All in a day's work

Look: Orion just sent back these haunting views of Earth from space

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Just five days after launching atop NASA’s SLS rocket, Artemis I reached the Moon — and completed a crucial part of its mission.

The Orion spacecraft made its first successful flyby of the Moon early Monday morning.

At its closest point, it was just 81 miles above the lunar surface.

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The maneuver included Orion’s outbound powered flyby burn, which propelled the spacecraft around the far side of the Moon.

Before and during its close encounter, Orion snapped haunting images of the lunar surface — and its home planet in the distance.

NASA

Here are 8 fascinating views from Orion’s approach:

NASA

From Orion’s view in deep space, the Earth could be seen in the background (bottom right) as the capsule extended one of its solar panels on Nov. 16.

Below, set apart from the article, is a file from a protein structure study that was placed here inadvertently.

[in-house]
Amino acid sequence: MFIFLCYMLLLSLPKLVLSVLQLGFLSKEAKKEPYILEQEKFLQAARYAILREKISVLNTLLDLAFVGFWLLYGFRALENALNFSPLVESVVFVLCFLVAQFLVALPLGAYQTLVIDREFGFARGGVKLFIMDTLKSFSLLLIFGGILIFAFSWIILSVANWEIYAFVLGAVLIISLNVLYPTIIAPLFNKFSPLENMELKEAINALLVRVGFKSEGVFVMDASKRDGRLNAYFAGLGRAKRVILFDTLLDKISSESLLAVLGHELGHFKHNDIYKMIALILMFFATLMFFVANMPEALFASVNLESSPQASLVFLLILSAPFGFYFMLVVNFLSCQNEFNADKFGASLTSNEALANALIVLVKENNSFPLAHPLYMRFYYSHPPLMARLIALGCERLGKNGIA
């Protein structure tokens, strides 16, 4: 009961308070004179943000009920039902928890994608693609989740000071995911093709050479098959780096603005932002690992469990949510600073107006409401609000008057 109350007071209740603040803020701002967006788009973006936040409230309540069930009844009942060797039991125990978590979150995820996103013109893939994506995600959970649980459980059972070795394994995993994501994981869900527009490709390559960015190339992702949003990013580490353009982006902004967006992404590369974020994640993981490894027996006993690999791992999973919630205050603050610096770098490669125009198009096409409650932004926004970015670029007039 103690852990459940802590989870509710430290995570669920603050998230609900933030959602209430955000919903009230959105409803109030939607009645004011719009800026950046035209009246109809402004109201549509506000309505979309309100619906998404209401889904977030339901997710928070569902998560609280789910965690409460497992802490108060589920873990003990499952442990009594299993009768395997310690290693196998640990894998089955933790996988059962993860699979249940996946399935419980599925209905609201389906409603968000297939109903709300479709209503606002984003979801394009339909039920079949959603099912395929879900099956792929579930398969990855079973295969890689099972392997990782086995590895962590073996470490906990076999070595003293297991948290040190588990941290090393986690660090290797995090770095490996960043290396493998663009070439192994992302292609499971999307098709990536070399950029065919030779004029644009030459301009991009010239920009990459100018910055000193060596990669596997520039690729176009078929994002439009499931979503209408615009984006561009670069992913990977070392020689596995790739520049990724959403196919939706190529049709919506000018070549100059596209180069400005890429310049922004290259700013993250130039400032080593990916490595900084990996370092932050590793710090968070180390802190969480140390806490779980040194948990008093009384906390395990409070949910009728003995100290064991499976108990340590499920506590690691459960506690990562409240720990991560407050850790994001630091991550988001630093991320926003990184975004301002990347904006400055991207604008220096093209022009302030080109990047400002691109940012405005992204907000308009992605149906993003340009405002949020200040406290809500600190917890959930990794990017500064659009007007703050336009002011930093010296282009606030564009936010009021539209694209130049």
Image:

NASA

7. Here’s Orion’s full view as it drifted farther and farther from its home planet.

NASA

6. There’s the Moon! A camera attached to one of Orion’s solar panels captured this shot on Nov. 20.

NASA

5. On the morning of Nov. 21, Orion was just 2,600 miles from the Moon’s surface.

NASA

4. Along for the ride was Commander Moonikin Campos, a manikin equipped with sensors to gather data on the flight experience for future human crews.

NASA

3. The Moon and Earth sit side by side from Orion’s perspective, less than 2000 miles above the lunar surface.

NASA

2. Orion passed behind the Moon, which severed its connection to Earth for a few minutes. This animation shows the orbiter’s position just a few hundred miles from the lunar surface.

NASA

NASA

1. Once it regained signal, Orion sent back this view of Earth. From 229,000 miles away, our home planet is a mere speck.